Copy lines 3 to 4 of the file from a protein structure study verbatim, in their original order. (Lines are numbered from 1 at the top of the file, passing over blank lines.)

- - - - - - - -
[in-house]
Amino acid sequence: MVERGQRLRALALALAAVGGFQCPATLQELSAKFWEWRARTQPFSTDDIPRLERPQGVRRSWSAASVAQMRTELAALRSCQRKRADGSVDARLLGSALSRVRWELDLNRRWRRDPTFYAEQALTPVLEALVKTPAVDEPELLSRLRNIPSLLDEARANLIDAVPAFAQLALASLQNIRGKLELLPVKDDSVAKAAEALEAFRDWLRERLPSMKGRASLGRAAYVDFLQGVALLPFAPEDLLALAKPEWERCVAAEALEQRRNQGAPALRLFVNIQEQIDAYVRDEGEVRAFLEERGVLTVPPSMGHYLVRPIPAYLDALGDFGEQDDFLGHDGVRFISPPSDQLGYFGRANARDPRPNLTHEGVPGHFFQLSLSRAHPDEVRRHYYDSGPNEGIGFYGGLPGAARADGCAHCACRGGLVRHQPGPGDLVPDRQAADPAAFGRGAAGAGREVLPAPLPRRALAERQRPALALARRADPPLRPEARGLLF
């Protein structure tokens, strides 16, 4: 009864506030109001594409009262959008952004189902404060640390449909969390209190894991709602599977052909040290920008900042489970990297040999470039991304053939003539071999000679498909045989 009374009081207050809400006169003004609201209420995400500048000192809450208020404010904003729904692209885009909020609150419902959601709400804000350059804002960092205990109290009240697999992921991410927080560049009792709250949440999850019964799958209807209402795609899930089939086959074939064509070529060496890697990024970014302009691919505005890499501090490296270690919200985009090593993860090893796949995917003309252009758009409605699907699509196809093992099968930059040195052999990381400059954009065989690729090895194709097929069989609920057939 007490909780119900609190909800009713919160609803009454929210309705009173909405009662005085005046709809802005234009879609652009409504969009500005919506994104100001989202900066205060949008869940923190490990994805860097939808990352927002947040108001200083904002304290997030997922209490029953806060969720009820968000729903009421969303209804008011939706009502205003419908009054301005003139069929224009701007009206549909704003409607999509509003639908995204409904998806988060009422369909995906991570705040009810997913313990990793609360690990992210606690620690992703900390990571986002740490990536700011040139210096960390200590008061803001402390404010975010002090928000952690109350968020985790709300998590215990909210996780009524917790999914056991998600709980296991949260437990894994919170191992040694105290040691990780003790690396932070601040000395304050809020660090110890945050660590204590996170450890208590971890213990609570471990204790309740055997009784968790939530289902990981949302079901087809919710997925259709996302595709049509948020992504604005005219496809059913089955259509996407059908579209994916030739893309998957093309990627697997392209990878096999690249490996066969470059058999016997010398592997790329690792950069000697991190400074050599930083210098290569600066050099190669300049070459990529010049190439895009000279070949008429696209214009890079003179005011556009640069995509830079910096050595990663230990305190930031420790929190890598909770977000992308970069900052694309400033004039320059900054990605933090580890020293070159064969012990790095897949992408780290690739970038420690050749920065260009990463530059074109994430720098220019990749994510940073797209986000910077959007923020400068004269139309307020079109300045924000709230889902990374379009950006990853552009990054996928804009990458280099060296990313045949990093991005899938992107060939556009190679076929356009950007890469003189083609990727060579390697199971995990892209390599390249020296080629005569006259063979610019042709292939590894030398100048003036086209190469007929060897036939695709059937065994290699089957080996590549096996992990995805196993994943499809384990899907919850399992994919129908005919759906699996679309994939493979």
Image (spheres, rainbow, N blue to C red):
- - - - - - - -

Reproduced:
């Protein structure tokens, strides 16, 4: 009864506030109001594409009262959008952004189902404060640390449909969390209190894991709602599977052909040290920008900042489970990297040999470039991304053939003539071999000679498909045989 009374009081207050809400006169003004609201209420995400500048000192809450208020404010904003729904692209885009909020609150419902959601709400804000350059804002960092205990109290009240697999992921991410927080560049009792709250949440999850019964799958209807209402795609899930089939086959074939064509070529060496890697990024970014302009691919505005890499501090490296270690919200985009090593993860090893796949995917003309252009758009409605699907699509196809093992099968930059040195052999990381400059954009065989690729090895194709097929069989609920057939 007490909780119900609190909800009713919160609803009454929210309705009173909405009662005085005046709809802005234009879609652009409504969009500005919506994104100001989202900066205060949008869940923190490990994805860097939808990352927002947040108001200083904002304290997030997922209490029953806060969720009820968000729903009421969303209804008011939706009502205003419908009054301005003139069929224009701007009206549909704003409607999509509003639908995204409904998806988060009422369909995906991570705040009810997913313990990793609360690990992210606690620690992703900390990571986002740490990536700011040139210096960390200590008061803001402390404010975010002090928000952690109350968020985790709300998590215990909210996780009524917790999914056991998600709980296991949260437990894994919170191992040694105290040691990780003790690396932070601040000395304050809020660090110890945050660590204590996170450890208590971890213990609570471990204790309740055997009784968790939530289902990981949302079901087809919710997925259709996302595709049509948020992504604005005219496809059913089955259509996407059908579209994916030739893309998957093309990627697997392209990878096999690249490996066969470059058999016997010398592997790329690792950069000697991190400074050599930083210098290569600066050099190669300049070459990529010049190439895009000279070949008429696209214009890079003179005011556009640069995509830079910096050595990663230990305190930031420790929190890598909770977000992308970069900052694309400033004039320059900054990605933090580890020293070159064969012990790095897949992408780290690739970038420690050749920065260009990463530059074109994430720098220019990749994510940073797209986000910077959007923020400068004269139309307020079109300045924000709230889902990374379009950006990853552009990054996928804009990458280099060296990313045949990093991005899938992107060939556009190679076929356009950007890469003189083609990727060579390697199971995990892209390599390249020296080629005569006259063979610019042709292939590894030398100048003036086209190469007929060897036939695709059937065994290699089957080996590549096996992990995805196993994943499809384990899907919850399992994919129908005919759906699996679309994939493979």
Image (spheres, rainbow, N blue to C red):